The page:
In what is sure to be seen as disrespectful by some and progressive by others, Saudi Arabia Prince Mohammad bin Salman had a few choice words when it came to fellow leaders and the state of the Middle East.
Speaking with Jeffery Goldberg of The Atlantic in an interview published Monday, the prince laid out what he’d like to see for the future Middle East as well as what he believes is a right of all people’s to their own land — including the people of Israel.
“I believe that each people, anywhere, has a right to live in their peaceful nation,” bin Salman said. “I believe the Palestinians and the Israelis have the right to have their own land.”
However, in keeping with the Saudi Crown Prince’s regional peace proposal, he said that the prospect of peace talks may be necessary in order to ease tensions between the two warring states.
“Israel is a big economy compared to their size and it’s a growing economy, and of course there are a lot of interests we share with Israel and if there is peace, there would be a lot of interest between Israel and the Gulf Cooperation Council countries and countries like Egypt and Jordan,” he said.
Though candid about his open-minded approach toward Israel, Goldberg recognized the pressure already mounting atop the prince’s shoulders in what has been a recognizable change in attitude when it comes to Middle Eastern politics.
In making “all the right enemies,” Goldberg points out those who would likely celebrate the prince’s end are the ones closest to him, and even extend to far-reaching regions beyond Saudi territory.
“There are members of his own family, the sprawling, sclerotic, self-dealing House of Saud, who would like to see him gone — or at the very least, warehoused at the Ritz-Carlton in Riyadh, where the 32-year-old prince recently imprisoned many of his enemies and cousins during an anti-corruption sweep of the kingdom,” Goldberg wrote.
Others both afar and throughout his own region — including members of ISIS, al-Qaeda, Hamas, and the “entire clerical and military leadership of the Islamic Republic of Iran” — are also surmised as bitter enemies of the Saudi prince.
In his discussion with Goldberg, bin Salman spoke of the growing threat in the Middle East under the ruthless guidance of Islamic Republic supreme leader Ayatollah Ali Khamenei, saying that that Iranian leader made Hitler look like a saint.
“I believe the Iranian supreme leader makes Hitler look good,” the prince said. “Hitler didn’t do what the supreme leader is trying to do. Hitler tried to conquer Europe. … The supreme leader is trying to conquer the world.”
Bin Salman said the Middle East could be divided into two warring factions: that of the “triangle of evil” (Iran, the Muslim Brotherhood, and Sunni terror groups) and the self-described moderate states (Jordan, Egypt, the United Arab Emirates, Bahrain and Oman).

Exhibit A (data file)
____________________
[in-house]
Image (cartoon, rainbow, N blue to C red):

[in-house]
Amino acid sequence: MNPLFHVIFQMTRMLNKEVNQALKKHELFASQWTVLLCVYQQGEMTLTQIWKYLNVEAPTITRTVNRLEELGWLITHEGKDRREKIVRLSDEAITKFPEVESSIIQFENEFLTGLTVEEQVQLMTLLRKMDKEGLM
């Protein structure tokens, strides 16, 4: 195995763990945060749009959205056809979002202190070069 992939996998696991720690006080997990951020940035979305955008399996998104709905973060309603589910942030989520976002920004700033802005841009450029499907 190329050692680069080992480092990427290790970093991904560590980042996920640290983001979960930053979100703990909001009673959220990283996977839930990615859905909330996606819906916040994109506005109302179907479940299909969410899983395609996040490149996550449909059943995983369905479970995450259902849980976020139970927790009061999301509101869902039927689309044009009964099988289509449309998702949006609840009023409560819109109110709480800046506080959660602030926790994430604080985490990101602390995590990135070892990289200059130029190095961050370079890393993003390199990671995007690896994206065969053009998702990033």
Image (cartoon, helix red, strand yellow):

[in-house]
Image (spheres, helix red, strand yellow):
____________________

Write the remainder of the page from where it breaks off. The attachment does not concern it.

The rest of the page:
Though acknowledging the disruptive power struggle in his own region, the prince is on a path to conquering the world in his own way.
The son of 82-year-old King Salman is on a seemingly “endless pilgrimage to the nodes of American power” as he has plans to visit Hollywood this week and, according to those closest to the prince, is in a “genuine hurry to overturn the traditional Saudi order.”
Though visits to the U.S. are likely just a “hunting trip” for investments, Goldberg highlights the prince’s opportunity to sell the Vision 2030 plan — an elaborate strategy to modernize his kingdom and rid the country’s dependence on oil.
Goldberg said the conversation with the Saudi prince was similar to one with Jordan’s King Abdullah II, as both seem to be a “new-generation royal frustrated by do-nothing relatives, retrograde tribal politics, and fearful of both Shiite and Sunni extremism.”
However, Goldberg believes that if bin Salman were to actually be able to modernize his kingdom, the whole Middle East would become a changed place, especially in areas concerning women’s rights, which the Saudi prince began inching toward after lifting a ban that kept women from driving.
The prince has seemed eager to move forward with such rights for half the population of his kingdom, highlighting a few key factors that have played into women’s subjugation in the area — mainly that of the extremist Sunni siege of the Grand Mosque in Mecca.
“Before 1979 there were societal guardianship customs, but no guardianship laws in Saudi Arabia,” he said, referring to the siege that led to a conservative backlash and the strict male guardianship laws that followed.
“It doesn’t go back to the time of the Prophet Muhammad. In the 1960s women didn’t travel with male guardians,” he added. “But it happens now, and we want to move on it and figure out a way to treat this that doesn’t harm families and doesn’t harm the culture.”
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